Talk of Svoboda’s alleged fascism and anti-Semitism clearly annoys its members.
‘All the journalists which are visiting our country, all the time ask about this question,’ Noevjy snaps when I query him about his party leader’s having complained of a ‘Muscovite-Jewish mafia’ several years back. When I ask him about the storming of the national television station, he complains of a double standard. ‘Nobody in the West speaks badly about Robespierre or other people who were great revolutionaries,’ he replies, revealing, among other things, that he is not a reader of this magazine. He speaks conspiratorially of ‘a big media campaign against Miroshnychenko’, whom he assures me ‘most people support’.
Demanding a videotaped, forced confession from someone, even a remnant of a previous corrupt regime, is not the behaviour of a democrat. And given Svoboda’s rabid anti-communism, it was particularly hypocritical, such a tactic being a hallmark of the party apparatchik. Thankfully, most sectors of Ukrainian society — including the acting prime minister — condemned Svoboda’s behaviour. Yet the party’s rallying cry of ‘lustration’ — the post-Soviet term used to describe the process of weeding out Communist Party members from state organs — has wide appeal now in Ukraine, which never went through a process of de-communisation.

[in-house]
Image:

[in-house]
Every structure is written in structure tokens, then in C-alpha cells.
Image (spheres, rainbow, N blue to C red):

Svoboda’s success in recent years, one experienced observer of Ukrainian politics told me, was attributable to precisely the sort of grit displayed by Miroshnychenko. Svoboda deputies would actually return the blows of allies of Yanukovych during the fist-fights that frequently erupted in the Rada. But the skills required while one is in opposition are wholly different from those necessary to govern, and like extremist movements elsewhere suddenly thrust into power, Svoboda is having difficulty adapting to Ukraine’s new political environment. The party controls three ministries in the coalition government, down from four after the defence minister, a Svoboda man, resigned in disgrace over complaints that he had failed to give orders to Ukrainian soldiers in the face of Russian invasion. If it wants to gain the confidence of Ukrainian voters, Svoboda needs to keep its ‘emotions’ in check.
James Kirchick is a fellow with the Foreign Policy Initiative.